Update

22 09 2005

Apparently its a legit call, although they have yet to confirm that it has been updated into their database (apparently they have 2 seperate databases) and the girl on the line promised to call me back once she has acertained that my records have been entered into the other computer. That was like at 11.30am and they haven’t gotten back to me yet, even though they have knocked off for the day. Ah well, I’ll have to call them up and bug them about it. Which brings me back to the service culture of Singapore…

And I was rudely awaken by an extremely persistant insurance telemarketeer from DBS this morning. It was some tie up with Aviva and I told him nicely that I’m not really interested in taking up a policy right now because I already have a couple that has yet to mature. Yet he kept on selling the pluses of the policy and regurgitated the classic story of the technician who did not take it up and had an accident and he regretted it and whatever.

So I told him why not he send me a brochure and in the event I plan to take it up I’ll buzz him, and out comes the story of how a lady took it up on the spot and fell ill subsequently and had the good fortune of being able to claim the payout. And as he was recounting this ‘personal ancedote’ he accidentally addressed me as “Gary” instead of Mr Tan, which blatantly implies that the training subject was, well, Gary.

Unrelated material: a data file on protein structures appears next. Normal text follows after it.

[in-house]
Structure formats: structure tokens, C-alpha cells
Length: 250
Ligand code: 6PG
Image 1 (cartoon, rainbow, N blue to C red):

“Alright gentlemen, today’s class would be about making a sales pitch to your customer. Remember, if you are as tenacious as a pitbull and persistantly tell him a thousand and one stories of how people had misfortune befalling them because they did not take up our policy, sooner or later he will be irritated to the point where he slams the phone down, disown you as a friend, or be persuaded to take up the policy. As you remember from our last personal-motivation class, your daily motto is be optimistic and positive; bad things don’t happen to you, so keep pitching the policy to him and he will take it.

“Also, when you tell him your grandmother stories, remember to make it personal and immediate: if the story is ‘Gary, there was once this customer that failed to take up the policy and…’, make it personal and say ‘Mr So-and-so, there was once this customer of mine that failed to…’.”

Apparently he forgot to substitite Gary for Mr Tan in this case. New kid on the block I suppose. Either that or he hasn’t woken up yet at 10 in the morning, because I haven’t. Sheesh.

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2 responses

22 09 2005
J O H N N Y

Hey, something happened to the bold button? heh

22 09 2005
kiat

hah indeed! Tks for the headsup.

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